Kibabii University Disaster Management and Preparedness workshop was held on Thursday 18th February, 2021 in Auditorium C from 10.00am to 2. 00pm. The workshop which was coordinated by the Department of Security and Safety is a one of the series of sensitization events carried out by the University. It was facilitated by Bungoma County Police Inspector, George Muthoni and Bungoma County Fire and Rescue Officer, Davis Isaiah Khisa.
The main agenda of the workshop was to create awareness to the university’s members of staff on the types of disasters, how to prepare for the disasters and how to manage one in case of occurrence.
In his speech on terrorism and youth radicalization, Mr. George Muthoni highlighted on the causes of the upsurge in youth radicalization.
“Terrorism is committing criminal acts against civilians with the intention to cause injury or death or taking people hostage to provoke a state of terror to the general public or to a group of people and intimidate the government. Their major targets are buildings and locations which are economic or political symbols such as Embassies and critical installations. Another goal of terrorism is publicity and recognition. Terrorists use tactics such as hijacking, kidnapping, bombings, assassinations and any ruthless method of their advantage to further their agenda,” he said.
The first case of terrorism in Kenya was in 1975 and it has been a scene of various attacks since then. According to Inspector Muthoni, to stop terrorism, those funding terrorists should stop and the youth should be effectively counselled not to join terrorism groups.
The Fire and Rescue Officer, Mr. Khisa gave a detailed account on the causes of fires and firefighting techniques. “The combination of oxygen, heat and fuel automatically causes fire. Extinction is therefore achieved by breaking the chain of reaction between the bond of fuel, heat and oxygen,” he said.
There are five classes of fires;
- Class A fires are caused by ordinary combustible materials e.g., wood,
- Class B fires are caused by liquid combustible materials e.g., grease,
- Class C fires involve flammable materials e.g., gases,
- Class D fires involve flammable and inflammable metals and
- Class E fires are electrical fires.
There are five types of fire extinguishers; motor type extinguisher is used with class A fires, Horse ring extinguisher, carbon dioxide extinguisher serves well in class E fires, Dry chemical powder extinguisher works in all classes of fire, Aqueous extinguisher works in class B fires. A fire blanket can be used mostly in kitchen fires. Dry sand is also an extinguisher as it works the same way the chemical powder extinguisher works.
The Rules of Firefighting
- Assist any person in immediate danger to safety,
- Activate the building’s fire alarm or use your mouth as an alarm,
- Switch of electrical or solar systems to prevent the spread of fire,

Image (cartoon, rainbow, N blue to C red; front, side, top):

- Use the available suitable equipment to prevent the spread of fire while awaiting the fire brigade to arrive and use a fire extinguisher only at the beginning of the fire,
- If the fire spreads rapidly, evacuate the building and close the doors and windows to prevent the spread.
- If you’re trapped inside a building move closer to the wall to avoid inhaling toxic gas.
- Do not try to fight the fire unless you have adequate or appropriate material to fight it.
- Stay low and don’t walk on top of a fire to avoid explosion.
- Spray the extinguisher only at the base of the fire.
- In case of a fire incident, never move to the scene before it has been inspected.
- Always have a back-up escape route before trying to use an extinguisher incase the spread of fire gets out of hand.
- Never go to unknown areas to fight fire as there could be explosives present.
- Make sure your extinguisher is ready for an emergency by having it inspected by an expert after every six months.
- Extinguishing fire by the fire brigade is a free service although when it comes to class B fires involving tankers there is a fee charged as components of air are used and they are expensive to acquire.
On the COVID 19 pandemic, Kibabii University’s Public Health Officer Mr. Wachira Njogu reminded of the causes, effects and measures of containment.
“COVID 19 is a pandemic as it was sudden and disrupted the globe’s normal functioning. It has caused human material, economic and environmental losses that exceed the world’s ability to cope with due to minimal resources. It was first discovered in China in 2019 and has since spread globally,” he said.
According to the World Health organization figures, the global infection rate has the US leading by approximately 28 million infections,18 million recoveries and 498 thousand deaths. Kenya has approximately 103 thousand infections, 85 thousand recoveries almost 1,700 deaths.
Although infections have gone down, the measures are still in place to prevent the spread. According to the Ministry of Health, vaccines will be administered from February starting with those at high infection risks such as medical personnel, security and those directly handling covid patients.
Prevention is by effective washing of hands regularly, using an alcohol-based hand sanitizers in absence of water, wearing a recommended face mask, maintaining social distance and maintaining respiratory hygiene which is coughing into a handkerchief or coughing into your elbow in absence of a handkerchief.